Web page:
Today I’m going to give you an insight into how I prepare for a mixing session.  In particular, how I ‘calibrate my ears’ with some of my favourite reference tracks.  An important part of how I prepare always involves listening to some music I really enjoy and that which represents a sonic benchmark for my mixing goals.  Certainly, any tracks that a client might send to me always take priority.  My own personal mix references are as much about getting inspired and excited prior to a mixing session.

The following are a few songs that I regularly reference (in no particular order):

“I.G.Y” – Donald Fagen (The Nightfly)

I’ve been a huge fan of Donald Fagen and Steely Dan for years and I often reference a number of their tracks.  The main reason I more often reference I.G.Y. is the midrange clarity and presence and the way it makes your studio speakers work.  The low-end of the mix is both punchy, well-rounded and still retains clarity.  The individual instrument tracks are also heavily compressed, so this gives me a guide as to how far to push compression in a mix.

Produk 29 – Aphex Twin (Syro)

An unusual selection, you may say.  Aphex Twin has been around for a long time and has a significant back catalogue of electronic works.  I particularly like ‘produk 29’ from the Syro album.  The control of the sub-frequencies and their depth is superb and does not negatively effect any other aspects of the song mix.  The high-mids are exceptionally well balanced, are very punchy and forward without being harsh at any time.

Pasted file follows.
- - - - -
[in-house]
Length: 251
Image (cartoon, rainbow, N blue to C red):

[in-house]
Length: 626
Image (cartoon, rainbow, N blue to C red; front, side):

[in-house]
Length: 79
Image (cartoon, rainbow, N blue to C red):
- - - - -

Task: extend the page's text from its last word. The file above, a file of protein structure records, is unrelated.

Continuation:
Mornin’ – Al Jarreau (Jarreau)

Al Jarreau has such a diverse historical back catalogue, his recent passing was very sad indeed, a great singer lost.  I particularly love listening to ‘Mornin’ because it’s both upbeat and sounds sparkly, crystal clear.  The upper frequencies have been pushed to the limit with being fatiguing at any time during the song.  It is a fairly scooped mix, in that a lot of the mid-range has been dialled back, but still retains a lot of punch in the lows and low-mids.  There are elements of this mix that are arguably a bit dated, but still sounds great to me and always gets me feeling good before a session.

Bombtrack – Rage Against The Machine (self titled)

When it comes to referencing hard-rock mixes, it’s hard to go past the Andy Wallace mixed debut album from Rage Against The Machine.  Any track is great to reference from this album.  Bombtrack is particularly great because of it’s dynamic range and extreme mid-range punch.  Andy Wallace is a magician when it comes to getting a mix to smack hard in the mid-range and I love how this song sounds amazing on any speaker system or set of headphones.  That is truly the hallmark of an exceptional mix.

Get Lucky – Daft Punk (Random Access Memories)

This album (largely mixed by the great Mick Guzauski, one of my favourite mixers) is an example of sonic excellence.  From the recording phase, through to mixing and mastering, it’s difficult to pinpoint any flaws.  I often revisit “Get Lucky” (vocals by Pharrell) because the track has a specific silky tone that is very pleasing to my ears.  The low-end of the mix really breathes, yet sounds very controlled and punchy.  The mix also sounds very uncomplicated, the instrumentation is transparent and each element is able to have it’s space.  I highly recommend checking out this album too!

Well, that’s my brief insight into how I approach mix referencing!  Feel free to share some your favourite mixes in the comments below, would love to hear about some of your referencing processes and techniques!

Until next time,


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